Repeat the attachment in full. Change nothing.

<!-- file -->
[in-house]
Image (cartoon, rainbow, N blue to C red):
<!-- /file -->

[in-house]
Image (cartoon, rainbow, N blue to C red):